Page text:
The choose-and-cut Christmas tree season recently kicked off at a Warren County farm that produced this year’s Grand Champion in the annual contest held by the New Jersey Christmas Tree Growers Association.
New Jersey Secretary of Agriculture Douglas H. Fisher was joined by Freeholder Director Jason J. Sarnoski, state Agriculture Board member Mitchell Jones, and representatives of the Christmas tree growers association at Evergreen Valley Tree Farm, where the Alpaugh family took them on a tractor-drawn hayride to select a tree.
In the photo, marking “Jersey Grown Christmas Tree Day” with a state proclamation are (l-r) Chris Nicholson, president of the NJ Christmas Tree Growers Association, NJ Agriculture Secretary Douglas H. Fisher, the Alpaugh family – Andy and Sara, their kids Sam and Kate, and patriarch Les Alpaugh – NJ Agriculture Board member Mitchell Jones, and Warren County Freeholder Director Jason J. Sarnoski.
After sawing down a tree that the Alpaugh family will donate to the Christmas Trees for New Jersey Military Families program, Fisher noted that Gov. Chris Christie had proclaimed the date as “Jersey Grown Christmas Tree Day” to promote the state’s fresh tree industry and show appreciation for the military during this holiday season. The New Jersey Christmas Tree Growers Association, a statewide group organized in 1950, is collecting 100 trees to donate to members of the New Jersey National Guard and their families.
“As we enter this season of New Jersey agritourism, we encourage people to visit choose-and-cut Christmas tree farms to find their perfect tree and enjoy the experience with their families, making lasting memories,” Secretary Fisher said. “This also is a time of giving, so we applaud the Christmas tree growers for their generosity and hope state residents will remember to help those in need this holiday season,” he added.
It has been a long-standing tradition that the kick-off of the choose-and-cut Christmas tree season takes place at the Grand Champion’s farm.
Evergreen Valley Tree Farm, located on Jackson Valley Road a short distance from Warren Hills Regional High School, won the 2016 New Jersey Christmas Tree Growers Association annual contest with a blue spruce that 10-year-old Sam Alpaugh and his grandfather, Les, selected. The 145-acre farm was started by the Alpaugh family in 2003 and is run by Les and his son and daughter-in-law, Andy and Sara; while their children Sam and Kate, 8, are the third generation helping out. They have been selling trees since 2009, and have 10,000 trees available this season, offering Fraser, Douglas, Concolor and Canaan Firs, Norway and Blue Spruces, and White Pine.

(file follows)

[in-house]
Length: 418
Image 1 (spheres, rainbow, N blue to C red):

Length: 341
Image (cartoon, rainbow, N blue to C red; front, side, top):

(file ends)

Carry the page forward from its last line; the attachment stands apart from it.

“We grow Christmas trees year-round and this is a business we take great pride in,” Andy Alpaugh remarked. “We work throughout the year to maintain our crop and expand it when needed, and we love seeing families come out to our farm and engage in an activity together.”
Freeholder Director Sarnoski said the County is proud of the Alpaugh family for winning the statewide contest and praised their farm operation. Sarnoski noted that Warren farmers always “do a great job” with Christmas trees, pointing out that 10 of the last 12 Grand Champion trees have come from Warren County farms.
Local farmers have dubbed Warren County “the Christmas Tree Belt” as soils and climate make the area a particularly good place to grow Christmas trees. Moreover, many of the farms offer related items – wreaths, roping, grave blankets, tree stands – as well as ornaments and holiday gifts. Encouraging people to make their hunt for a Christmas tree a fun day in the country, some of the farms offer hot chocolate or cider, cookies, and even visits from Santa.
The Warren County freeholders and the Explore Warren County Tourism Partnership, a program of the county’s Public Information Department, are encouraging visits to the Christmas Tree Belt by providing a page on the website www.ExploreWarren.org with information about the choose-and-cut farms in Warren County, including links to each farm’s website. The website also includes an events calendar listing holiday happenings and other activities throughout the county, so that visitors can plan their day.
Almost 69,000 trees are cut in New Jersey each year, according to the NJ Department of Agriculture, and the 2012 U.S. Census of Agriculture ranked the state seventh in the nation in the number of Christmas tree growers, with 809 farms that grow more than 4,500 acres of Christmas trees.
Christmas tree growers in New Jersey may participate in the Jersey Grown program, which allows farmers to tag their trees with the Jersey Grown brand to easily identify that their locally-grown trees meet quality standards. Jersey Grown is similar to the well-known Jersey Fresh branding program for produce and other agricultural products.